Tuesday, 27 May 2014

California day three (part two)

We don't linger long in Monkey Paw. Just long enough to down four samplers and a cheese steak.

For the first time I'm heading out of the city. Our final destination is the main Stone brewery in Escondido. We have to drive virtually past the front door of another brewery, Societe. It seems silly not to drop in.

The location isn't the most exotic: a light industrial estate in a northern San Diego suburb. It's tucked away around the back, in a dull but functional single-storey building.

This is very much a brewery with a sampling room attached, rather than a pub brewery. Its kit is the largest I've seen so far and occupies most of the building, with just a slice at the front reserved for drinkers.

The number of samplers on a set has been different at every place so far today: 5 at Coronado, 4 at Monkey Paw, 2 here. Isn't there any industry standard for this sort of thing? Two hardly seems a set. So I get another when I've finished the first.

Like most of the places I've been in San Diego, the majority of the punters are young. Averaging about half my age, I'd guess. Does that make me the equivalent of two customers? Given the amount of beer I drink, it probably does.

The Imperial Stout is really good. As is the Dry Stout. Grant tells me the latter has won a medal. Or was it a few?

One corner is walled off and through a window I can see rack upon rack of oak barrels, all new judging by the honey tone of the staves. There are quite a lot of them.

"They're being patient." Grant tells me. "None of their barrel-aged beers have been released yet. Just a few teaser samples."

Samplers sampled, we're soon back on the road north to Escondido. There's no sign of the fire from the freeway. As we near Stone, there's still none.

We arrive without seeing a single burnt blade of grass. There are a few odd things about the brewery. Most notably there being no sign of any kind on its exterior. Not even the name.

Everything looks so normal, it's hard to believe that the fire came so close. The only hint is a slight smell of smoke. They must have been cleaning like crazy because I know it was full of smoke and ash yesterday.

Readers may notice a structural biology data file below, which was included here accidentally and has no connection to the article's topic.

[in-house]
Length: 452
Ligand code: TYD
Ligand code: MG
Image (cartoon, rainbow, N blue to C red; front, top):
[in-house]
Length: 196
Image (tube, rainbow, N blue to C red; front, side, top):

Mitch is still in an all-day sales meeting (lucky him) and another member of the brewing staff shows us around. It's ginormous compared to the other breweries I've seen. The two 120-barrel brewhouses working in parallel churn out more than 200,000 US barrels a year. The building is crammed full of towering conical fermenters standing shoulder to shoulder. A bit like that terracotta army, but with less elbow room.

Halfway through Mitch turns up and finishes the tour. I'm impressed by the number of firkins lying around. They must do a reasonable amount of cask beer. Come to think of it, I did spot half a dozen firkins perched on the bar on the way in.

Packaging is in another building of about the same size. I'm intrigued by the automatic keg washer. Finally a piece of brewing equipment I've had professional contact with.

"It looks a lot less work than the one I used at Holes."

A highly skilled job, keg-washing used to be. Well, highly knackering. Especially lugging those 100 litre kegs around after they had been filled.

There's something weirdly fascinating about the machine that drops bottles into a case, folds the top shut then arranges the cases on a pallet.

"That's one of the machines we have the most trouble with." Mitch remarks.

The book signing is in the garden, where there are still traces of ash. It's pretty quiet. The fire yesterday has deterred drinkers. It's much quieter than a normal Friday.

I get to meet Steve Wagner, one of the owners, who seems a really nice bloke. We have a nice chat, while I shift a few books to the staff. Me and the bloke who runs the lab have an interesting* about beer analyses. He analysed lots of IPAs as part if the research for Mitch's IPA book.

"I'd been looking for regional variations in American IPAs. There are none." Mitch tells me.

At 6 pm Mitch drives me back down to San Diego where we're doing a radio show on 94/9, a rock station. It turns out me and Mitch have similar tastes in music, in particular a liking for sixties garage punk.

The show is great fun, with a pair of really funny guys presenting it. The off-air bits are even funnier than those broadcast. Though not all suitable for broadcasting, I'll admit. And we get to drink beer as part of the show. What's not to like?

Mitch drops me back at my hotel about 21:00. It's been another full and enjoyable day. Just one full day left, but two more events.

* For me and him, but probably no-one else.

Societe Brewing Company
8262 Clairemont Mesa Blvd,
San Diego, CA 92111.
Tel: +31 858 598-5409

Stone Brewing Co.
1999 Citracado Pkwy,
Escondido, CA 92029.
Tel: +1 760-471-4999

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